This article was first published in the April 2020 Africa edition of Accounting and Business magazine.

One of the biggest challenges businesses face as they seek to grow is financing, and this is particularly true for SMEs. As professional accountants seek to reinvent themselves as trusted advisers to business, they have a chance to become enablers, pointing managers in the right direction to access opportunities for growth. Here, I make a case for accountants to take more responsibility in helping businesses raise finance.

The financing challenge is greater in Africa than elsewhere as less capital is available to business. However, there is a large pool of capital looking for a home in assets that meet certain environmental, social and governance (ESG) standards. A 2017 McKinsey study found that around a quarter of the US$88 trillion under investment in Europe, Japan, Australia and the US was invested according to ESG principles. A 2019 report by the Global Sustainable Investment Alliance (GSIA) showed that this figure is growing: of the US$92 trillion of capital under management in the rich world, about US$31 trillion was invested following ESG principles.

Meanwhile new issues of green bonds around the world, including in Africa, continue to rise exponentially, demonstrating that owners of capital care about sustainability and will back it. And as trillions of dollars in wealth are passed on to millennials – a generation that has shown that it cares about sustainability – this pool of funds will continue to grow.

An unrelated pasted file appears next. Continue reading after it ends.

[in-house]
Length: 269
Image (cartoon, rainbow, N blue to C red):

Professional accountants are well placed to advise their clients and employers about the capital available to back sustainable activities and how to access it. They must go beyond reporting how capital is spent and earned and get involved in raising that capital. The key to this is providing data to show managers that doing business sustainably can be persuasive when they come to seek financing.

One way accountants can do this is by ensuring that businesses prepare sustainability reports. While these reports are not yet a requirement, they are fast becoming a must-have for businesses with ambition.

With many venture capital and private equity funds now seeking to back businesses engaged in activities that follow ESG principles, SMEs as well as larger entities need to begin to prepare sustainability reports. These funds are looking for a good return, and this return is available in Africa.

Many potential investors do not come to the continent, however, because such clear sustainability reports are not available. Sustainability reporting can add even more value if it includes risk reporting, making it easy for would-be investors to match investments with investment principles. Guidance, resources and support are easily accessible from such sources as the Global Reporting Initiative.

By positioning themselves at the centre of finance raising initiatives, accountants can help assure not only the future of business but their own future. It’s a win-win situation.

Okey Umeano FCCA is head of risk management at Nigeria’s Securities and Exchange Commission.